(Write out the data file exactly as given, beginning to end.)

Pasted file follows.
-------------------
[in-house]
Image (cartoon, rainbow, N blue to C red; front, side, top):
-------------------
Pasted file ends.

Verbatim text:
[in-house]
Image (cartoon, rainbow, N blue to C red; front, side, top):